Talks are underway to settle iPad trademark dispute in China

Apple is in talks with bankrupt display maker Proview of China over the iPad trademark dispute that has delayed the launch of the third-generation tablet in the 1.33 billion people market, a new report out today alleges.

The two parties have reportedly entered a voluntary mediation procedure that could lead to negotiations over a possible settlement.

If no deal is reached, the higher court will have to make a ruling and the severe consequences for Apple, should it loose the case, could include a hefty fine and a country-wide ban on iPad sales in China…

A lawyer involved in the case told IDG News Service that the talks are currently underway:

Ma Dongxiao, a lawyer representing the Chinese company Proview, said on Friday the talks were happening, but declined to offer details. The legal dispute between Apple and Proview is still being deliberated by the Higher People’s Court of Guangdong Province. But earlier this week, the court recommended that both Apple and Proview find a way to mediate the dispute, according to a court spokesman.

The article goes on to note that Chinese laws allow both parties to enter a voluntary mediation procedure to negotiate a possible settlement.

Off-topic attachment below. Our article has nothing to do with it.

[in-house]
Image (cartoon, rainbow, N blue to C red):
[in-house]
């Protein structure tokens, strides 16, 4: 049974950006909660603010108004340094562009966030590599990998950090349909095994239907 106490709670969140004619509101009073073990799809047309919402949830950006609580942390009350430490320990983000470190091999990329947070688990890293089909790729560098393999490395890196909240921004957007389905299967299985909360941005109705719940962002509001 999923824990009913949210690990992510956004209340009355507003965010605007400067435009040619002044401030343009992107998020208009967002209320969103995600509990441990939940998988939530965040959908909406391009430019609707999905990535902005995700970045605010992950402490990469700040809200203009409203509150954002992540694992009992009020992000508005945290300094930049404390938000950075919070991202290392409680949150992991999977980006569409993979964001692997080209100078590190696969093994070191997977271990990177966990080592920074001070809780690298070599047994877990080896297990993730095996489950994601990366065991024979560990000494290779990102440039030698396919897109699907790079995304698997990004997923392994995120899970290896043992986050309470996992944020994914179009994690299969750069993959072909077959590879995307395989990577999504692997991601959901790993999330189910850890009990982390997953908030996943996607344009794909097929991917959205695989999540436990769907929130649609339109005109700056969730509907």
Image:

Proview sued Apple last year, claiming it holds the rights to use the iPad name in China.

Unless the two parties settle the matter between themselves, the court will have to make a ruling. Should Apple lose the case, the company could face large fines and see its popular tablet banned from China, its high-revenue market.

The third-generation iPad goes on sale today in twelve new countries and launches in nine more markets later this month. Conceivable, the device is not available in China yet.

CEO Tim Cook recently toured China and met with local politicians to talk “intellectual-property issues”, the move the embattled display maker dismissed as a “political public relations campaign”.

Despite the legal mess, Apple can continue to sell iPads in Shanghai.

Have you grown as tired as I have with this legal mess concerning the iPad moniker?